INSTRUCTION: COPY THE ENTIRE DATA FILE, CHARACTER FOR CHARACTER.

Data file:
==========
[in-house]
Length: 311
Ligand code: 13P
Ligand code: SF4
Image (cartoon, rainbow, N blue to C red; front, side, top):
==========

[in-house]
Length: 311
Ligand code: 13P
Ligand code: SF4
Image (cartoon, rainbow, N blue to C red; front, side, top):